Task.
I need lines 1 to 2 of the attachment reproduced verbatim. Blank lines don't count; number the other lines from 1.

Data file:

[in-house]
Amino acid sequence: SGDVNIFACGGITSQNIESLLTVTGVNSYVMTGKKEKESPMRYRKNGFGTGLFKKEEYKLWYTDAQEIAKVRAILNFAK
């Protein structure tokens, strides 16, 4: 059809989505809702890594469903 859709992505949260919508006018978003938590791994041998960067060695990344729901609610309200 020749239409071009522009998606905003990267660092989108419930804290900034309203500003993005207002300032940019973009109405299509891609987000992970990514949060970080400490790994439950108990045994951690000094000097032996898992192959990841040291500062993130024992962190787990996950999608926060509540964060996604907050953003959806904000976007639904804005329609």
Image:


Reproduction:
[in-house]
Amino acid sequence: SGDVNIFACGGITSQNIESLLTVTGVNSYVMTGKKEKESPMRYRKNGFGTGLFKKEEYKLWYTDAQEIAKVRAILNFAK